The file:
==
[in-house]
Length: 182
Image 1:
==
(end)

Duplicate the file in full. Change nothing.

[in-house]
Length: 182
Image 1: